With a price on his head of a thousand dollars for a crime he has not committed, "Overland Red" turns tramp and becomes guide, philosopher and friend for an orphan boy he meets on the road. He locates a claim which belonged to the man he was supposed to have killed and which brings wealth to the man's daughter, who supplies the love story with the orphan boy turned rancher.
ilroad. He knew that eventually he would, as he journeyed west, cross it, perhaps near a water-tank.
Toward the blinding afternoon of that day he saw strange lakes and pools spread out upon the distant sand and inverted mountain ranges stretching to the horizon.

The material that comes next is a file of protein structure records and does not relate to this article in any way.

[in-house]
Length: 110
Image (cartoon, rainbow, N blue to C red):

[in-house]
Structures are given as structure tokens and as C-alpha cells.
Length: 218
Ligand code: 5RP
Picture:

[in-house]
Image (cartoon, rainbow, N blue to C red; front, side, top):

Fate crept closer to his heels, waiting with the dumb patience of the desert to claim the struggling, impotent puppet whose little day was all but spent.
He stumbled across the blazing bars of steel that marked the railroad. His empty canteen clattered on the ties as he fell. He got to his knees and dragged himself from the track. He laughed, for he had thwarted Fate this once; he would not be run over by the train. He lay limp, wasted, scarcely breathing.
Serenely Fate crouched near him, patient, impassive....
He heard a man speak and another answer. He felt an arm beneath his head, and water.... Water!
He drank, and all at once his strength flamed up. It was not water they gave him; it was merely the taste o